A splendid collection of glass artefacts, from the 1st century AD until the present day.
The museum, which also includes the different types of glassmaking techniques, is located inside Palazzo Giustiniani or the Vescovi di Torcello.
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The Murano Glass Museum was founded in 1861 by the Abbot Vincenzo Zanetti and the First Deputy of the Municipality, Antonio Colleoni. The project aimed to establish an archive in which all the examples illustrating the history and life of the island could be kept.
However, due to the high number of donations, the simple archive became a real exhibition of works of art; the collection contained not just antique pieces belonging to private or museum collections but also donations from the furnaces of the island.
Today there are numerous glass pieces arranged chronologically in the museum, starting from the Roman finds of the first three centuries after Christ in to the archaeological section, up to the 20th century.
The archaeological collection, in particular, is composed of artifacts brought by the Abbot Zanetti (founder and first director of the Museum), collections from the Correr Museum and the deposits of the Archaeological Superintendency, specifically, the Levi legacy and pieces from the Museum of San Donato di Zara. The glasses found by the Zara museum are of Roman origin dating to between 1st and 3rd century AD, found in the necropolis of Jader (Zara) - mainly glass olle in which the ashes of the corpses were inserted - and Aenona (Nona).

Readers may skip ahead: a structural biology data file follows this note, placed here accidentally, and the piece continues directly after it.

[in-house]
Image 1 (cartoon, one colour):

There is a wide variety of glasses that highlight the degree of skill and technical knowledge achieved through the invention of the blow pipe (Palestine, 1st century BC). Thanks to this technique, the process of perfecting the glassmaking art began, which meant that glass objects could be made with extreme lightness and in a variety of shapes. The very first pieces in glass (generally of small dimensions such as containers for perfumes and ointments) were blown in simple or double moulds - it is assumed to be clay or even metal - while the decorations were made freehand.
The collection goes on to demonstrate the evolution of the technique and the skill of the glass masters from the 15th to the 20th centuries. Contemporary glass works are often exhibited in the grand garden.
The home of the Museum is in Murano, along the Fondamenta Giustinian, at Palazzo Giustiniani or of the Vescovi di Torcello.